The Way Out When a human being is exposed to an environment that makes it impossible for them to function, a mental health challenge is a likely outcome. The good news is that we don’t have to expose our children and adults on the autism spectrum to such an environment on an ongoing, non-stop basis. We can change the environment and circumstances…and thus reduce or eliminate the most virulent assaults on the mental health of our loved ones on the spectrum.
How? By addressing the three main areas of challenge discussed earlier: environmental, circumstantial, and relational.
Environmental: Go over your child/adult’s environment with a fine-tooth comb and find any sensory stimuli that you can reduce or eliminate. Are there noises (alarm clocks, blenders, buzzing fluorescent lights, construction, clanging and scraping of silverware on plates, shouting, babies/toddlers crying, etc.)? Are there scents (deodorant, hairspray, perfumes, air fresheners, cleaning products, etc.)? Are there tactile irritants (tags on clothing, scratchy clothes, buckles, dryer sheets, rashes, bug bites, etc.)? Have any recent foods been added to their diet (especially those that are processed or contain sugar, wheat, or dairy)? Can you dial down the screen exposure (tablets, televisions, computers, etc.)? I understand that you can’t eliminate all of these things, but the more you can reduce, the better it is for your loved one’s mental health.
Circumstantial: Control battles are deeply problematic for your loved one. Go through each room in the house like a detective and think about what aspects of each room are most likely to lead to a control battle (i.e., they grab dangerous items, rip the pages out of your books, chew on wires, throw fragile objects, draw on the walls, empty shampoo bottles, flood the bathroom, etc.). These are circumstances where you’ll want to do what you can to eliminate the battlefield by removing items or installing locks (on the fridge, drawers, or doors, for instance). If you can give them control without causing danger or property destruction, that can make a big difference. Must they sit at the table at dinner, wear the shirt you want, etc.? Also, reducing the frequency of outings to places like supermarkets, restaurants, and malls – places that are both extra stimulating and where they have to “behave,” will be enormously helpful.
Relational: It is absolutely crucial that you do your level best to remain calm, relaxed, and not emotionally agitated when you are around your loved one on the spectrum. Your emotional agitation is going to have a tremendous effect on the emotional state of your child/adult. Moreover, focus on expressing love and nurturing in a language they can most easily digest by using what we call the Autism Love Languages. (One of these would be showing interest in their interest. Could you be fascinated with their favorite book, game, subject, or activity, even if it is unusual and/or repetitive? Would you be willing to answer their question – even if it’s the 12th time they’ve asked in the past hour?) And, of course, it’s vital to avoid situations and environments where your loved one is likely to be in the presence of hostile, angry, agitated, critical, or disapproving people.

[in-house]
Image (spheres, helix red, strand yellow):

If you love someone on the autism spectrum, this knowledge will give you the opportunity to support their mental health in a new way. What it takes is a willingness to prioritize their emotional well-being over the inertial urge to keep things as they are, do what’s most convenient, and keep all of the current systems in place. With your dedication and your love, your child/adult can rise above.
Raun K. Kaufman is the author of the book Autism Breakthrough: The Groundbreaking Method That Has Helped Families All Over the World and the former CEO of the Autism Treatment Center of America®. An international lecturer and graduate of the Ivy League’s Brown University with a degree in Biomedical Ethics, Raun has completed lecture tours throughout Asia, Europe, and the U.S. He has written articles featured in journals such as The Autism File and Good Autism Practice, books such as Silver Linings and Cutting-Edge Therapies for Autism and has been interviewed by media such as National Public Radio, BBC Television, Fox News Channel, The London Telegraph, and People Magazine.
Along with author Kate C. Wilde, he co-created the ACT (Autism Crisis Turnaround) protocol and accompanying courses. In addition to his work with families and educators over the past 22 years, Raun brings a distinctive qualification to the realm of autism treatment: his own personal history.
As a child, Raun was diagnosed with severe autism and recommended for lifelong institutionalization. Instead, his parents developed The Son-Rise Program®, which enabled their son to completely overcome his challenges. His story was recounted in the best-selling book, Son-Rise: The Miracle Continues, and the award-winning NBC-TV movie, Son-Rise: A Miracle of Love.